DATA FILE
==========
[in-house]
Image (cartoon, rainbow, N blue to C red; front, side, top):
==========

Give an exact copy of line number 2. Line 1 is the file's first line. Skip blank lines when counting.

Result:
Image (cartoon, rainbow, N blue to C red; front, side, top):